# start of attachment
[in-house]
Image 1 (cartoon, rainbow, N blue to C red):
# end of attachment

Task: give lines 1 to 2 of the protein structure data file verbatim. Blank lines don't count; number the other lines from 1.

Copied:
[in-house]
Image 1 (cartoon, rainbow, N blue to C red):